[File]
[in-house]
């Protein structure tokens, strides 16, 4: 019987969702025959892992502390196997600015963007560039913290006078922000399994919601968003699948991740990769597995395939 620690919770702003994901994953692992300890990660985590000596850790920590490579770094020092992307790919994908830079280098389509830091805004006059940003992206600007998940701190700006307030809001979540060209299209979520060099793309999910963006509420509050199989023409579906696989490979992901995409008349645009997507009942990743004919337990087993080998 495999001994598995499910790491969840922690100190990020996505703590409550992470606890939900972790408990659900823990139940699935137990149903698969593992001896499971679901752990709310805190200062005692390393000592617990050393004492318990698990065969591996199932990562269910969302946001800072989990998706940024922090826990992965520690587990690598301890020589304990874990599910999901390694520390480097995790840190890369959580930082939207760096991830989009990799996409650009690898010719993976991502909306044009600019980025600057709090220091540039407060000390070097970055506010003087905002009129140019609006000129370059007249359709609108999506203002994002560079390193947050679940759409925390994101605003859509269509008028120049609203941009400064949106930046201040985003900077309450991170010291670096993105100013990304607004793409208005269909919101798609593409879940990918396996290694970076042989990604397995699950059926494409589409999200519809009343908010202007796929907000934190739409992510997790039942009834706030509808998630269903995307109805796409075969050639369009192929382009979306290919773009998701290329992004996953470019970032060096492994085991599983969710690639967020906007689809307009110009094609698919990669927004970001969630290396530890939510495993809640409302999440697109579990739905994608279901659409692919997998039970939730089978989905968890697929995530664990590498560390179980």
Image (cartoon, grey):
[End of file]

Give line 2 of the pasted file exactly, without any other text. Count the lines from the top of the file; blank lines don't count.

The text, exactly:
């Protein structure tokens, strides 16, 4: 019987969702025959892992502390196997600015963007560039913290006078922000399994919601968003699948991740990769597995395939 620690919770702003994901994953692992300890990660985590000596850790920590490579770094020092992307790919994908830079280098389509830091805004006059940003992206600007998940701190700006307030809001979540060209299209979520060099793309999910963006509420509050199989023409579906696989490979992901995409008349645009997507009942990743004919337990087993080998 495999001994598995499910790491969840922690100190990020996505703590409550992470606890939900972790408990659900823990139940699935137990149903698969593992001896499971679901752990709310805190200062005692390393000592617990050393004492318990698990065969591996199932990562269910969302946001800072989990998706940024922090826990992965520690587990690598301890020589304990874990599910999901390694520390480097995790840190890369959580930082939207760096991830989009990799996409650009690898010719993976991502909306044009600019980025600057709090220091540039407060000390070097970055506010003087905002009129140019609006000129370059007249359709609108999506203002994002560079390193947050679940759409925390994101605003859509269509008028120049609203941009400064949106930046201040985003900077309450991170010291670096993105100013990304607004793409208005269909919101798609593409879940990918396996290694970076042989990604397995699950059926494409589409999200519809009343908010202007796929907000934190739409992510997790039942009834706030509808998630269903995307109805796409075969050639369009192929382009979306290919773009998701290329992004996953470019970032060096492994085991599983969710690639967020906007689809307009110009094609698919990669927004970001969630290396530890939510495993809640409302999440697109579990739905994608279901659409692919997998039970939730089978989905968890697929995530664990590498560390179980």